i read this in a magazine yesterday. of course i know that swimming is better for your joints as it supports your body weight etc. and i am getting little aches and niggles since i started running. so should i be swimming instead?



  • KhanivoreKhanivore ✭✭✭

    I would imagine this depends on why you are running. 

  • i'm running cos i enjoy the challenge. and the run itself once i've got going. i like swimming butcan only swim on my back, so that makes a lot of swimming .difficult. and i have long hair, which i just couldnt wash three times a week, but is running just too bad for your joints?

  • KhanivoreKhanivore ✭✭✭

    You can learn to swim on your front via lessons and wouldn't a swimming hat save you from having to wash your hair? When I take my daughters swimming their hair is bone dry afterwards when I take the hat off.

    I will let someone else who knows what they are talking about comment on the joint effects.

  • I have long hair, I swim and run

    Not sure what the point is here  image

  • I have short hair and I swim and run.

    Shoulders are a bastard to fix if you hurt them swimming image

  • mathschickmathschick ✭✭✭

    just because one physio in a mag says he has never treated a swimmer doesn't mean swimmers don't get injuries. I would think there is a lot of potential for shoulder problems.

  • That physio should speak to my physio then, she's treating me for shoulder problems caused by swimming.

    Mind you she's also treating me for knee problems I'm having from running! image

  • Choice between swimming and running will depend in part on what your objective is. I tend to lose mor weight if running than through swimming. I tend to run at higher heart rates than swimmimg so it is a different CV workout. Also many swimmers I see in the pool are barely moving - I wonder if they really are getting much cv benefit. It is easier to  go very slow in a swim.

    As noted shoulder injuries can happen for swimmers. Also strokes like breaststroke are very hard on leg joints  -so could aggravate a problem.

    I have heard that running is good from an OA prevention point of view - dont know how true that is though.

  • KhanivoreKhanivore ✭✭✭

    I would imagine that a good mix of running, swimming, cycling and gym activities would be the best way to lose weight, get fitter, and avoid injuries associated with doing the same thing too frequently...

  • Didnt one of the original pirates injure himself swimming ? Rotator cuff or something ? Dangerous Dave was it ?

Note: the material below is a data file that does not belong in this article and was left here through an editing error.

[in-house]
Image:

I agree theres less risk from swimming - as theres no impact - but I struggle to burn many calories swimming - I just have one survival pace. With running its much easier to get a good workout.


  • Maybe drop a couple of runs to swim instead and see how you manage.

    Aches and niggles are quite typical with running when you start out, just make sure you can tell the difference between a little fatigue and soreness to an injury waiting to happen.

    Everything in moderation I suppose.

    I wouldn't switch completely to swimming just because one magazine article says it's better for your joints. You do it because you want to and enjoy it.

  • Your physio may not have ever treated a swimmer but I bet a life guard has never had to drag a runner out of the waterimage

  • I do swims to stop me running all the time. I feel my body benefits from a bit of lying down exercise.


    image sounds good doesn't it image

  • mathschickmathschick ✭✭✭
    Ultra AJH wrote (see)

    I do swims to stop me running all the time. I feel my body benefits from a bit of lying down exercise.


    image sounds good doesn't it image

    certainly does! Actually, I think a bit of swimming after a hard run session helps stop my legs aching too much afterwards

  • yep, swimming definitely helps recovery, i think. but apart from that, it's deeply, deeply,deeply boring...

  • For me, there are two problems with swimming:

    A) The motivation factor - with running, all I have to do is put on my gear and go - with swimming, I'd have to drag to the local leisure centre.

    B) I can't bloomin' swim! image

  • On the other hand runners hardly ever drown.